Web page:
The controversies emerging from recent elections underlined a wide-ranging panel discussion at the 2023 NCSL Legislative Summit.

“I think everybody in this room understands that these days that elections can be a hot political topic, and we’re not going to deny that at all,” said moderator Charles Stewart III, the Kenan Sahin Distinguished Professor of Political Science at the Massachusetts Institute of Technology. “Reasonable people will disagree based on their experience, their values, what they’re trying to get out of things, and so we should respect that. At the same time, there’s a surprising amount of agreement among people who think thoughtfully about the issues at hand.”

Joining Stewart were panelists Chad Ennis, vice president of the Honest Elections Project; Rachel Orey, senior associate director of the Bipartisan Policy Center; Liz Howard, deputy director of the Democracy Program at the Brennan Center for Justice; and Matt Germer, associate director and fellow at the R Street Institute


In January 2017, the Department of Homeland Security designated election infrastructure—information and communications technology and systems used to manage the election process—as critical infrastructure, and Howard said the decision can help states safeguard elections. “The Cybersecurity and Infrastructure Security Agency at DHS was able to offer free tools and resources to our election officials,” she explained. “These are going to include personalized assessments where these officials will come to the election officials office and survey the equipment and the facilities and the networks that they have and provide customized recommendations for improvements.”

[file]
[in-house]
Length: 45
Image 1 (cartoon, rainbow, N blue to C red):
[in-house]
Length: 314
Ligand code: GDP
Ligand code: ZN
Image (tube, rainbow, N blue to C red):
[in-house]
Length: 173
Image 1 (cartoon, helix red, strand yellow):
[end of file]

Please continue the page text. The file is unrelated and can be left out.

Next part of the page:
Maintaining public trust is vital, Germer added. “It is so complex to try to take care of cyber and physical security across all of those different factors, but it’s absolutely vital,” he said. “These issues really do touch on one another—funding, workforce, security—to make sure that at the end of the day, voters have something they can trust…”

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…Germer said that the Electronic Registration Information Center, or ERIC, shares voter registration across state lines, but only about 30 states are members and Texas is leaving in late 2023, compounding the problem.

“If we want to live in a world in which vote by mail is available to voters … clean voter rolls are a must,” he explained. “That’s where an organization like ERIC really provided value. I say provided because, unfortunately, as a result of state legislation over the last few months, I think we’re down to just about half of the states of the union now belonging to ERIC.”